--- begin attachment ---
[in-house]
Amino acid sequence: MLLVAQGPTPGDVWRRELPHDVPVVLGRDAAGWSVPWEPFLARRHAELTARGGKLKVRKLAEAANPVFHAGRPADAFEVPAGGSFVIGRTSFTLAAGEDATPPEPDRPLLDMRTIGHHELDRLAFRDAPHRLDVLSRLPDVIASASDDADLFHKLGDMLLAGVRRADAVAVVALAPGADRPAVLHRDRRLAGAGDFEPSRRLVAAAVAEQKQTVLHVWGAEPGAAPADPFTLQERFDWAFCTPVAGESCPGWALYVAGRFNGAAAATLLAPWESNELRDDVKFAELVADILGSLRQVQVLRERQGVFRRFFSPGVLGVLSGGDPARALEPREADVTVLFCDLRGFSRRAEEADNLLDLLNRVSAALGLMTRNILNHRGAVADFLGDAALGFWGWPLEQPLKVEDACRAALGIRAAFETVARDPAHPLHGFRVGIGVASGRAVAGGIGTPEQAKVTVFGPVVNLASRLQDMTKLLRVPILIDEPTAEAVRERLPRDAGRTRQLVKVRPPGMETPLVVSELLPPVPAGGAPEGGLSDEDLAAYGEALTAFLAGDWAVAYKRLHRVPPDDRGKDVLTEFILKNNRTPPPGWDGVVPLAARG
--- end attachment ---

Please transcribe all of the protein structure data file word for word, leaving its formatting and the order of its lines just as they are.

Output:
[in-house]
Amino acid sequence: MLLVAQGPTPGDVWRRELPHDVPVVLGRDAAGWSVPWEPFLARRHAELTARGGKLKVRKLAEAANPVFHAGRPADAFEVPAGGSFVIGRTSFTLAAGEDATPPEPDRPLLDMRTIGHHELDRLAFRDAPHRLDVLSRLPDVIASASDDADLFHKLGDMLLAGVRRADAVAVVALAPGADRPAVLHRDRRLAGAGDFEPSRRLVAAAVAEQKQTVLHVWGAEPGAAPADPFTLQERFDWAFCTPVAGESCPGWALYVAGRFNGAAAATLLAPWESNELRDDVKFAELVADILGSLRQVQVLRERQGVFRRFFSPGVLGVLSGGDPARALEPREADVTVLFCDLRGFSRRAEEADNLLDLLNRVSAALGLMTRNILNHRGAVADFLGDAALGFWGWPLEQPLKVEDACRAALGIRAAFETVARDPAHPLHGFRVGIGVASGRAVAGGIGTPEQAKVTVFGPVVNLASRLQDMTKLLRVPILIDEPTAEAVRERLPRDAGRTRQLVKVRPPGMETPLVVSELLPPVPAGGAPEGGLSDEDLAAYGEALTAFLAGDWAVAYKRLHRVPPDDRGKDVLTEFILKNNRTPPPGWDGVVPLAARG